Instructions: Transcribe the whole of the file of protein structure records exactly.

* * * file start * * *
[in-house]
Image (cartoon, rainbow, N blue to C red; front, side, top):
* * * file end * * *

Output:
[in-house]
Image (cartoon, rainbow, N blue to C red; front, side, top):